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Making ASP.NET AJAX and SharePoint 2007 work together

Both ASP.NET AJAX and SharePoint 2007 present much enterprise potential, so it's no surprise that the notion of integrating the two technologies has garnered attention recently.

ASP.NET AJAX promises to usher in the next generation of Web applications. SharePoint 2007 is touted as a top tool for enterprise collaboration and content management.

For even the mildly curious, this begs a question: Can ASP.NET AJAX and SharePoint 2007 work together? For now, the answer is "Yes, but…" with a few caveats.

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The possibilities, wrote Mike Ammeraan in a blog entry called Integrating ASP.NET AJAX with SharePoint, include more powerful JavaScript libraries, Web services rendering through JSON (JavaScript Object Notification), and interactive parts.

The catch? Official SharePoint support for ASP.NET AJAX will only arrive with SharePoint 2007 Service Pack 1, Ammeraan said. This is because Microsoft shipped SharePoint 2007 while ASP.NET AJAX was still in beta. (Mary Jo Foley reports that Vista SP1 should arrive by the end of 2007.)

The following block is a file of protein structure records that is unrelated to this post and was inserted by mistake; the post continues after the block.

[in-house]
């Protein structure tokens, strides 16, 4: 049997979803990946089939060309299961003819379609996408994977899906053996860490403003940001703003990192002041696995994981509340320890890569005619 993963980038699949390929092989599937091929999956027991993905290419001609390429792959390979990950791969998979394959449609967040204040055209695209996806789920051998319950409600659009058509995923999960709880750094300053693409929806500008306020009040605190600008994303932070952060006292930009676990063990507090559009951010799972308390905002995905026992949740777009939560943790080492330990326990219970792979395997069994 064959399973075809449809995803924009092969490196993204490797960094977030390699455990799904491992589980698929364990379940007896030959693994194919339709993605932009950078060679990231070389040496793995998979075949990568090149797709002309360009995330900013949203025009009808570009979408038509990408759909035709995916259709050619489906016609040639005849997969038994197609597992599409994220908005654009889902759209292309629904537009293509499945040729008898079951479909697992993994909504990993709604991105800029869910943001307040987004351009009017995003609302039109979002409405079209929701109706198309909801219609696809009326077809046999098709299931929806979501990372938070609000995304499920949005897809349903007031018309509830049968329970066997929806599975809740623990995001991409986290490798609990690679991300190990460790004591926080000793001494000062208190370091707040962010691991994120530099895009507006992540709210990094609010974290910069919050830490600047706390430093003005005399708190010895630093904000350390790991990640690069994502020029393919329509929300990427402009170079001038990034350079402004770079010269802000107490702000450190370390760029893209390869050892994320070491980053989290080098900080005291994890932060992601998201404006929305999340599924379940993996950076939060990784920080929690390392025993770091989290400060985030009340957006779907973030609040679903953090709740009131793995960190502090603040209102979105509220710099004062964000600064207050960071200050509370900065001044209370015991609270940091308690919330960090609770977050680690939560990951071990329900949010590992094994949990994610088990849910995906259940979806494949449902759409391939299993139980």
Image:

The lack of a Service Pack, though, need not deter developers from integrating the two technologies now, Ammerann noted. Such an integration requires three steps -- installing ASP.NET AJAX onto your server farm, extending SharePoint's web.config files and adding the ASP.NET AJAX Script Manager into your master page. Ammerann provides instructions for all three steps, along with a hint for making the Update Panel work inside SharePoint 2007.

Meanwhile, development tools for integrating ASP.NET AJAX and SharePoint 2007 are beginning to emerge in the blogosphere.

Eric Schoonover has created a base class called AjaxBasePart, which "custom MOSS [Microsoft Office SharePoint Server] Web parts can derive from and fully enables all AJAX Extensions functionality within MOSS." Additional information about AjaxBasePart, and its source code, can be found in Schoonover's blog entry, AjaxBasePart: Easy ASP.NET 2.0 AJAX Extensions 1.0 and Office SharePoint Server 2007.

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Tip Series: Get started with ASP.NET AJAX development: Part 1  |  Part 2  |  Part 3

Jan Tielens has created a SmartPart, or SharePoint Web part, which allows developers to use ASP.NET AJAX extensions inside a Web User Control and run that control as a SharePoint Web part. Put simply, the SmartPart lets you build Ajax-style controls for SharePoint. This add-in, still in beta, can be downloaded from the SmartPart for SharePoint page on GotDotNet, and additional information and demos are available on Tielens' blog entry, SmartPart for SharePoint -- ASP.NET AJAX Support.

Daniel Larson has created the SharePoint Ajax Toolkit, which comes with SharePoint Solution Package based installer, a Refresh interval programmed into an XMLWebPart and a core framework.

Finally, Tielens offers some quick hints for using the ASP.NET AJAX Control Toolkit with SharePoint 2007.

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